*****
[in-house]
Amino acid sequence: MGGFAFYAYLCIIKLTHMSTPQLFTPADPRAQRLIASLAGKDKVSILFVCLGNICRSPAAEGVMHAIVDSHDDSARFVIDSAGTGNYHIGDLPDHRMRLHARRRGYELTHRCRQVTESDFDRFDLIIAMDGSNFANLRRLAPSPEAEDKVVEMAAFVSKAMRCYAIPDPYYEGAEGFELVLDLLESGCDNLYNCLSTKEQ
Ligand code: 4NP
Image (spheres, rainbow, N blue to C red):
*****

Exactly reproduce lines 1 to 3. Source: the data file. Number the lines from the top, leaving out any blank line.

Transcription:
[in-house]
Amino acid sequence: MGGFAFYAYLCIIKLTHMSTPQLFTPADPRAQRLIASLAGKDKVSILFVCLGNICRSPAAEGVMHAIVDSHDDSARFVIDSAGTGNYHIGDLPDHRMRLHARRRGYELTHRCRQVTESDFDRFDLIIAMDGSNFANLRRLAPSPEAEDKVVEMAAFVSKAMRCYAIPDPYYEGAEGFELVLDLLESGCDNLYNCLSTKEQ
Ligand code: 4NP